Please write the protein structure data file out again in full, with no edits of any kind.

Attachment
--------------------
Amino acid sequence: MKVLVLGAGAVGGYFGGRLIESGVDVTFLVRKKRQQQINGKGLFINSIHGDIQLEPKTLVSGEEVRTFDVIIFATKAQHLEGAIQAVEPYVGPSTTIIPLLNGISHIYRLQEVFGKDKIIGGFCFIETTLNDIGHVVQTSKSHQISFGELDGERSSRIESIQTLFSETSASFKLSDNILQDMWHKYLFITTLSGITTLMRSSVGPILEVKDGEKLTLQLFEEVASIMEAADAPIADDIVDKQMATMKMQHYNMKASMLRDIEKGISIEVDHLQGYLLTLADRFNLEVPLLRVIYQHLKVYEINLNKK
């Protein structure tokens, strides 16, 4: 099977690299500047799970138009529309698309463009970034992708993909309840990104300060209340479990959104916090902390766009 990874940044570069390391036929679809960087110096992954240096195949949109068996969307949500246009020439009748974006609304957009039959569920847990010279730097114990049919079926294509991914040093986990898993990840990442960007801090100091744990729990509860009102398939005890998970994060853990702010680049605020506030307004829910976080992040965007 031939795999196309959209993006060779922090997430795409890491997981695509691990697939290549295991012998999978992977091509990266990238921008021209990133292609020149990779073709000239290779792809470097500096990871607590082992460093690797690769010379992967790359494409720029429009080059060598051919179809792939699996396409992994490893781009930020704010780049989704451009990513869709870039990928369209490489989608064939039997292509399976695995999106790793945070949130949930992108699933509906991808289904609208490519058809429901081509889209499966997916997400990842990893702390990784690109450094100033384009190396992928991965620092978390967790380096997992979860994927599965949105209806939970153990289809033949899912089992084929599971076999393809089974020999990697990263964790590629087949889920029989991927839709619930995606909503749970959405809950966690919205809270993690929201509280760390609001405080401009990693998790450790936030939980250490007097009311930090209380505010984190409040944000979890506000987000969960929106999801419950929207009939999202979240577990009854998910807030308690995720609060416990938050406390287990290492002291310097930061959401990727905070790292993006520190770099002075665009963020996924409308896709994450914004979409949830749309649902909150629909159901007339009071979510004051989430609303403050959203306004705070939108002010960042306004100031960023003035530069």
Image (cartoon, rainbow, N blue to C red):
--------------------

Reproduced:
Amino acid sequence: MKVLVLGAGAVGGYFGGRLIESGVDVTFLVRKKRQQQINGKGLFINSIHGDIQLEPKTLVSGEEVRTFDVIIFATKAQHLEGAIQAVEPYVGPSTTIIPLLNGISHIYRLQEVFGKDKIIGGFCFIETTLNDIGHVVQTSKSHQISFGELDGERSSRIESIQTLFSETSASFKLSDNILQDMWHKYLFITTLSGITTLMRSSVGPILEVKDGEKLTLQLFEEVASIMEAADAPIADDIVDKQMATMKMQHYNMKASMLRDIEKGISIEVDHLQGYLLTLADRFNLEVPLLRVIYQHLKVYEINLNKK
């Protein structure tokens, strides 16, 4: 099977690299500047799970138009529309698309463009970034992708993909309840990104300060209340479990959104916090902390766009 990874940044570069390391036929679809960087110096992954240096195949949109068996969307949500246009020439009748974006609304957009039959569920847990010279730097114990049919079926294509991914040093986990898993990840990442960007801090100091744990729990509860009102398939005890998970994060853990702010680049605020506030307004829910976080992040965007 031939795999196309959209993006060779922090997430795409890491997981695509691990697939290549295991012998999978992977091509990266990238921008021209990133292609020149990779073709000239290779792809470097500096990871607590082992460093690797690769010379992967790359494409720029429009080059060598051919179809792939699996396409992994490893781009930020704010780049989704451009990513869709870039990928369209490489989608064939039997292509399976695995999106790793945070949130949930992108699933509906991808289904609208490519058809429901081509889209499966997916997400990842990893702390990784690109450094100033384009190396992928991965620092978390967790380096997992979860994927599965949105209806939970153990289809033949899912089992084929599971076999393809089974020999990697990263964790590629087949889920029989991927839709619930995606909503749970959405809950966690919205809270993690929201509280760390609001405080401009990693998790450790936030939980250490007097009311930090209380505010984190409040944000979890506000987000969960929106999801419950929207009939999202979240577990009854998910807030308690995720609060416990938050406390287990290492002291310097930061959401990727905070790292993006520190770099002075665009963020996924409308896709994450914004979409949830749309649902909150629909159901007339009071979510004051989430609303403050959203306004705070939108002010960042306004100031960023003035530069």
Image (cartoon, rainbow, N blue to C red):